The Metropolitan Council is considering new policies related to wastewater reuse, as an outgrowth of a community-based customer task force.
Wastewater reuse—treating and reusing wastewater—is a potential strategy to benefit the regional wastewater system, sustain the region’s groundwater supplies and support economic growth in the seven-county region. The Council’s regional vision, Thrive MSP 2040, encourages wastewater reuse where economically feasible to promote sustainable water resources.
In January, the Council authorized a public hearing to receive comments on three proposed policy alternatives, one of which could become an amendment to the 2040 Water Resources Policy Plan.
“Additional policies would help us respond to opportunities to reuse wastewater that would sustain our water resources and support economic growth,” said Council Member Sandy Rummel, who chaired the Wastewater Reuse Policy Task Force. “We are committed to working with communities on wastewater reuse, not competing with them as water suppliers. Solutions that include wastewater and stormwater reuse, water conservation, and low-impact development practices will help achieve our shared goal of sustaining this region’s water resources for generations to come.”
The Council will hold two workshops about the proposed policies on Feb. 27 and Mar. 1, and hold a public hearing on Mar. 13.
All three policy alternatives share these features:
The Council would charge each wastewater reuse project based on the cost of the service provided, rather than assigning a fixed rate for all projects.
The Council would respond to proposed projects in cooperation and partnership with local communities.
Projects would have to be consistent with the host community’s comprehensive plan.
The Council would pursue non-Council sources of funding (for example, Clean Water Legacy funds) to help pay for the cost of Council infrastructure related to wastewater reuse.
The Council may enter into a joint powers or other agreement with the host community for the reclaimed water service.
The Council shall enter into a long-term reclaimed water service agreement with each user.
Two alternatives include a regional cost share
Where the policy alternatives differ is whether regional cost-sharing would be implemented and on what basis. Regional cost-sharing means a small portion of the municipal wastewater charge could be allocated to cover part or all the cost of Council infrastructure to support a wastewater reuse project.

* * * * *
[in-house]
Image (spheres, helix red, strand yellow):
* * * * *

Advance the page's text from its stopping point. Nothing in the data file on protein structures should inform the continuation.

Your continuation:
Alternative 1 would not include a regional cost share for a proposed wastewater reuse project.
Alternative 2 would include a regional cost share based on regional environmental and economic benefits.
Alternative 3 would include a regional cost share based on regional wastewater system benefit only.
Any cost-sharing would apply only to the Council-owned portion of infrastructure related to a wastewater reuse project. It would not be used to fund privately owned pipes or other facilities. The cumulative regional cost-share of all reuse projects would be capped at maximum 0.75% of total annual municipal wastewater charges, approximately $1.65 million per year or $1 per residential equivalent per year.
Evaluating environmental and economic benefits of a wastewater reuse project
Under Alternative 2, the Council would evaluate, for any proposed project, the regional environmental and economic benefits based on whether it:
Increases the region’s wastewater reuse capability,
Fosters regional environmental sustainability, and
Fosters economic growth for a prosperous region (creates jobs and/or adds uniquely to the region’s industrial/business portfolio) that would not happen without reclaimed water.
In addition, the Council would hold a public hearing to obtain public input prior to a final determination on regional benefit and regional cost share.
Evaluating benefits to the regional wastewater system of a wastewater reuse project
Under Alternative 3, a regional cost share would be evaluated only for whether a reuse project would benefit the regional wastewater system. For example:
The regional system is built to serve long-term growth in a sub-regional service area, and the Department of Natural Resources has stated that issuance of a water appropriation permit would involve a complex and protracted process due to concerns about the area’s long-term water supply, and/or
The project reduces the Council’s surface water discharge, delaying capital improvements to meet more stringent regulatory requirements.
As in Alternative 2, the Council would hold a public hearing to obtain public input prior to a final determination on regional benefit and regional cost share.
Alternative Wastewater Reuse Alternative Policy Amendments (pdf)
2017 Wastewater Reuse Policy Task Force Report
Current wastewater reuse policies
In addition to the broad encouragement of wastewater reuse in Thrive MSP 2040, the current 2040 Water Resources Policy Plan also addresses wastewater reuse. The plan encourages investments “when justified by the benefits for supplementing groundwater and surface water as sources of nonpotable water to support regional growth and maintain water quality.”